tightening timber in his voice awakened a dreaded feeling of déjà vu in me, and surely in many other gay men and women, who could sense that loaded question cocked in the wings. 

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Felines on the Catwalk

October 11, 2015

With doe-eyed ‘stud boys’ and hissing ‘breeding queens’ ruling the roost, SimmonsCourt could have rivalled the George Nightclub this weekend when it hosted the inaugural TICA Magnifikatz cat show. A record number of feline’s strutted their stuff in the hopes of catching the eye of six international judges, with over 117 moggies and their mom-ager owners descending on the RDS. Most were armed with ostentatious cages a Russian trophy wife could settle down in, and so much kibble and back scratches was dispensed it felt like I was at the tabby world’s answer to the Fianna Fail Tent at the Galway Races.

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Nirbhaya

October 11, 2015

You might not recognise Poorna Jagannathan, but with supporting roles in HBO’s hotly anticipated ‘Criminal Justice’ and Season 3 of ‘House of Cards’, she’ll soon be a household name. First up is the Irish run of a play dear to her heart. Inspired by the infamous rape of a student on a bus in New Delhi in 2012, ‘Nirbhaya’ features the real-life testimonies of Indian women, including Poorna, who have been the victim of sexual abuse. She talks to Caomhan Keane
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We Irish have a great knack of exporting our problems.

Be we short on spuds, or stuck for spondulicks, we herd our own onto coffin ships and Stenna Lines, in the hopes that they can make a better life for themselves… so we don’t have to. Some of those emigrants started lineages that reached all the way to the White House. Others wrapped themselves in cardboard boxes and sleeping bags, ending up in care homes, or in the grave, from varying addictions and mental maladies.

There was a drop off, during the boom, in the number of people seeking assistance from organisations like the London Irish Centre, who helped get indigent Irish back on their feet. Provisions were even made to bring older emigrants home via The Safe Home Program, set up in 2000, to assist those who had left the country to return to live out the end of their days near the homes they were reared.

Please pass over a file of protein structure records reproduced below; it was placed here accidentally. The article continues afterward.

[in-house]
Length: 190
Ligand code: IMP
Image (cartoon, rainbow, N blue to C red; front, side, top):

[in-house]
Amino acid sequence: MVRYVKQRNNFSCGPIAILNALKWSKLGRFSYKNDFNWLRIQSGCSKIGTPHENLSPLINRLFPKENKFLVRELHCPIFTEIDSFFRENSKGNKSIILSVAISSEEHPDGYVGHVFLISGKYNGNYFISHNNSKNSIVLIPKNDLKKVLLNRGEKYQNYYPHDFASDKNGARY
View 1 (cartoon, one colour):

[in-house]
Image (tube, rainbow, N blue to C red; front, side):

But there are over 400 Irish living rough on the streets of London in 2014. And, as our government continues to fluff the figures of those signing off the live register, we can expect to see that number rise.

The boat, like the needle and the bottle, has long been a cause of death among us Irish. Prolonged, state sponsored, with no warning.

Full Article Irish Independent

CHRISTMAS can be tough at the best of times, but it is particularly difficult for parents who have lost a baby. As other families prepare for Santa Claus, they are reminded of their loss and can struggle to see the joy and wonder of the season.

December 1 marks the fifth anniversary of a carol service for bereaved parents. Held in St Joseph’s Church, Cork, at 4pm, the candle-lighting ceremony allows those who have lost a child – through stillbirth or neonatal death – a chance to mourn and honour their child with others who have suffered similarly.

It was the opening salvo of what was to become Feileacain – the Stillbirth and Neonatal Death Association of Ireland, which provides support to anyone affected by the death of a baby during pregnancy or shortly after.

Full Article Irish Independent

Scotch on the Rocks

June 27, 2014

The islanders of Inis Oirr relive the dramatic rescue of the crewmen on board the MV Plassey… and the salvage of her precious cargo of whiskey.